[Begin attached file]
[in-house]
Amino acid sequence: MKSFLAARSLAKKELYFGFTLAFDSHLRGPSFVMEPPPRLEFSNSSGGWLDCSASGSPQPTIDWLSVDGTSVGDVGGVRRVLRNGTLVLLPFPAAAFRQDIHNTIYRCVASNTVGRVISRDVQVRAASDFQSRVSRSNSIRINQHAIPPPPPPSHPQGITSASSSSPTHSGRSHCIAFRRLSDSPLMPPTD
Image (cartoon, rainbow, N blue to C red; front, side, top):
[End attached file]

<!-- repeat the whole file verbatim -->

[in-house]
Amino acid sequence: MKSFLAARSLAKKELYFGFTLAFDSHLRGPSFVMEPPPRLEFSNSSGGWLDCSASGSPQPTIDWLSVDGTSVGDVGGVRRVLRNGTLVLLPFPAAAFRQDIHNTIYRCVASNTVGRVISRDVQVRAASDFQSRVSRSNSIRINQHAIPPPPPPSHPQGITSASSSSPTHSGRSHCIAFRRLSDSPLMPPTD
Image (cartoon, rainbow, N blue to C red; front, side, top):